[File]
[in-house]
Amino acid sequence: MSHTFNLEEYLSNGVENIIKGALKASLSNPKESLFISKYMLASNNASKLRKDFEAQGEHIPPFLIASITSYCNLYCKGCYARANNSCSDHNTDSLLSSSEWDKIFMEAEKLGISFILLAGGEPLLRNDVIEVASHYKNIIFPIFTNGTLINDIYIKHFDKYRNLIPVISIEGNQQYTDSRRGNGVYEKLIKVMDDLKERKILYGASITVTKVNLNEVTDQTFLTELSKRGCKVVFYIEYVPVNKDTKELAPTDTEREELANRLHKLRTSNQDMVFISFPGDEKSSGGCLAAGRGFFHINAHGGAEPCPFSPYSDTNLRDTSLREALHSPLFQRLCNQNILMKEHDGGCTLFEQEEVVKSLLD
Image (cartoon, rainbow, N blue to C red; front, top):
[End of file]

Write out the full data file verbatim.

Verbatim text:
[in-house]
Amino acid sequence: MSHTFNLEEYLSNGVENIIKGALKASLSNPKESLFISKYMLASNNASKLRKDFEAQGEHIPPFLIASITSYCNLYCKGCYARANNSCSDHNTDSLLSSSEWDKIFMEAEKLGISFILLAGGEPLLRNDVIEVASHYKNIIFPIFTNGTLINDIYIKHFDKYRNLIPVISIEGNQQYTDSRRGNGVYEKLIKVMDDLKERKILYGASITVTKVNLNEVTDQTFLTELSKRGCKVVFYIEYVPVNKDTKELAPTDTEREELANRLHKLRTSNQDMVFISFPGDEKSSGGCLAAGRGFFHINAHGGAEPCPFSPYSDTNLRDTSLREALHSPLFQRLCNQNILMKEHDGGCTLFEQEEVVKSLLD
Image (cartoon, rainbow, N blue to C red; front, top):